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  • To human eyes, the world at night is a formless canvas of grey.

  • Many nocturnal animals, on the other hand,

  • experience a rich and varied world bursting with details, shapes, and colors.

  • What is it, then, that separates moths from men?

  • Moths and many other nocturnal animals see at night

  • because their eyes are adapted to compensate for the lack of light.

  • All eyes, whether nocturnal or not,

  • depend on photoreceptors in the retina to detect light particles,

  • known as photons.

  • Photoreceptors then report information about these photons to other cells

  • in the retina and brain.

  • The brain sifts through that information and uses it to build up an image

  • of the environment the eye perceives.

  • The brighter the light is, the more photons hit the eye.

  • On a sunny day,

  • upwards of 100 million times more photons are available to the eye

  • than on a cloudy, moonless night.

  • Photons aren't just less numerous in darkness,

  • but they also hit the eye in a less reliable way.

  • This means the information that photoreceptors collect

  • will vary over time,

  • as will the quality of the image.

  • In darkness, trying to detect the sparse scattering of randomly arriving photons

  • is too difficult for the eyes of most daytime animals.

  • But for night creatures, it's just a matter of adaptation.

  • One of these adaptations is size.

  • Take the tarsier, whose eyeballs are each as big as its brain,

  • giving it the biggest eyes compared to head size of all mammals.

  • If humans had the same brain to eye ratio, our eyes would be the size of grapefruits.

  • The tarsier's enlarged orbs haven't evolved to make it cuter, however,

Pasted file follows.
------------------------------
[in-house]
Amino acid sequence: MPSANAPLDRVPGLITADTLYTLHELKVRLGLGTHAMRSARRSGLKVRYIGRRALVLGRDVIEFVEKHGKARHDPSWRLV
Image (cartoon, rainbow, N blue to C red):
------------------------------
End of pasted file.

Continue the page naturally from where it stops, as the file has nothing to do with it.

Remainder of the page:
• but to gather as much light as possible.

  • Bigger eyes can have larger openings, called pupils,

  • and larger lenses,

  • allowing for more light to be focused on the receptors.

  • While tarsiers scan the nocturnal scene with their enormous peepers,

  • cats use gleaming eyes to do the same.

  • Cats' eyes get their shine from a structure called the tapetum lucidum

  • that sits behind the photoreceptors.

  • This structure is made from layers of mirror-like cells containing crystals

  • that send incoming light bouncing back towards the photoreceptors

  • and out of the eye.

  • This results in an eerie glow,

  • and it also gives the photoreceptors a second chance to detect photons.

  • In fact, this system has inspired the artificial cats' eyes we use on our roads.

  • Toads, on the other hand, have adapted to take it slow.

  • They can form an image

  • even when just a single photon hits each photoreceptor per second.

  • They accomplish this with photoreceptors

  • that are more than 25 times slower than human ones.

  • This means toads can collect photons for up to four seconds,

  • allowing them to gather many more than our eyes do

  • at each visual time interval.

  • The downside is that this causes toads to react very slowly

  • because they're only receiving an updated image every four seconds.

  • Fortunately, they're accustomed to targeting sluggish prey.

  • Meanwhile, the night is also buzzing with insects,

  • such as hawk moths,

  • which can see their favorite flowers in color, even on a starlit night.

  • They achieve this by a surprising move -

  • getting rid of details in their visual perception.

  • Information from neighboring photoreceptors is grouped in their brains,

  • so the photon catch of each group is higher

  • compared to individual receptors.

  • However, grouping photoreceptors loses details in the image,

  • as fine details require a fine grid of photoreceptors,

  • each detecting photons from one small point in space.

  • The trick is to balance the need for photons with the loss of detail

  • to still find their flowers.

  • Whether eyes are slow, enormous, shiny, or coarse,

  • it's the combination of these biological adaptations

  • that gives nocturnal animals their unique visual powers.

  • Imagine what it might be like to witness through their eyes

  • the world that wakes up when the sun goes down.

To human eyes, the world at night is a formless canvas of grey.

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TED-ED】動物はどうやって暗闇を見るのか?- アンナ・シュテックル (【TED-Ed】How do animals see in the dark? - Anna Stöckl)

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    吳D に公開 2021 年 01 月 14 日
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